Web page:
What Are They Using? Nicco Mele: a Man and His Cave

Doc Searls

Issue #171, July 2008

Nicco Mele was born in West Africa, has lived all over the world, speaks many languages, and produces, among many other things, the Junglecast podcasts.

He also is probably the only human—and certainly the only geek—who has worked for a full house of presidential candidates: Howard Dean, Barack Obama, Hillary Clinton and John McCain. I first met Nicco in the server room of the Dean campaign in Burlington, Vermont, in the winter of 2004. The servers were running Linux. Geeks with laptops were flopped all over the place, hacking in Drupal and otherwise pioneering the political hackery now being leveraged in countless campaigns and political Web sites and services. Nicco ran that show.

Now he runs EchoDitto, an Internet strategy and consulting company with offices in New York, Washington, DC and Cambridge, Massachusetts, where we are neighbors and get to hang out. “At work, we rely heavily on customized Drupal and WordPress setups”, he says. But what he'd rather talk about is his home tech life:

I'm a believer in open source, well beyond just technology. For example, I strive for all of our home electronics to be open source wherever possible.

This begins with the Man Cave. When my wife and I, as newlyweds, bought our first home about 9 months ago, my wife—terrified of the proliferation of cables around our old apartment—offered me the basement for all of my technological needs. And lo! The Man Cave was born. With a 110" screen, a hi-def projector and surround sound—and complete darkness in the bright noon of day, the Man Cave is ideal for consuming Battlestar Galactica. Managing all this with open source? Enter my MythTV box, recently upgraded thanks to the wonders of—Woot!—Core 2 Quad Q6600 processor with four cores on one chip. Two 320GB 7200 RPM SATA drives for 640 gigs. Add some free software, and I've got a DVR and media server that is so crazy exciting, it's not funny. Now, if only I could get a voice-activated remote: “Computer, increase volume!”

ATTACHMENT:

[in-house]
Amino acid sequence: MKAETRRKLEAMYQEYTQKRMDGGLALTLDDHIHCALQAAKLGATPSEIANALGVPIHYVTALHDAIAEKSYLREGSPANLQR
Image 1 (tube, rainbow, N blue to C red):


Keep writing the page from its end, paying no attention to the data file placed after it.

For more, start with nicco.org, and follow links from there. There are many rich veins to mine.

Olympic MIDs

Doc Searls